"From a global manufacturing perspective, we have a supply network that is based in multiple geographies and we employ varied complex technologies to manufacture the products we supply to our patients. Colleagues in these networks meet regularly through various teams to share best practices and learn from each other. Nobody has all the best ideas and the willingness to share and learn is fundamental to how we do business. The breadth of our network also allows colleagues to travel to other geographies, learn new things and experience new cultures," he says. The sharing of people and knowledge is key to how such a large organisation succeeds in ensuring its employees all share the same sense of mission.
“In multinational companies, locations typically compete for investment so you always want to be the best. At Pfizer we try to be the best together, not individually. That’s challenging and it takes good leadership to achieve,” he says.
The network structure helps foster a sense of shared mission. “At Pfizer the sharing of people is seen as a good thing, and the sharing of talent is rewarded.”
Pfizer’s Irish sites are recognised as being technically excellent with a good regulatory and compliance history, all stemming from the competency of its people. That has enabled it to make the move from mainly large volume “blockbuster” drugs to a portfolio of large and small molecules that includes niche products for smaller populations, such as cancer drugs.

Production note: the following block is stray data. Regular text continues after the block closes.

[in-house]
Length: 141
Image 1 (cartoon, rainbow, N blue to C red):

Despite the lower volumes required for these smaller populations, the drugs themselves are more complex.
For example, an older drug can take six chemistry steps to manufacture. Anywhere between four and eight steps is regarded as the norm in pharmaceutical manufacturing. Some of Pfizer’s newest drugs involve 35 manufacturing steps. The fact that some of this chemical synthesis is outsourced and some undertaken in-house only adds to the production challenge.
“With these smaller, more potent drugs, the chemistry is more complex and that requires excellent facilities and excellent people. And of course you have to be good both on the technical side and be cost-effective and reliable too. That we have such a significant amount of talent is what enables us to do all that.”
30 years on he is proud of the career opportunities Pfizer offers the next generation. “I’m focused on diversity and on ensuring a good work environment where people feel safe both physically but also in being able to voice their opinions.”
As it has for him, Pfizer offers great scope for staff “to experience many technologies, many geographies and many opportunities,” he says.
The company has come a long way from its origins here in 1969, but some things don't change. “The patient is still at the heart of what we do and will continue to be at the forefront,” says Duffy. That’s not just a corporate mission, it’s personal, he reckons.
“At Pfizer, we feel the urgency to use our scientific expertise to bring these breakthroughs to patients.”
Please visit pfizer.com/careers/en-ir/ for open roles in Pfizer Ireland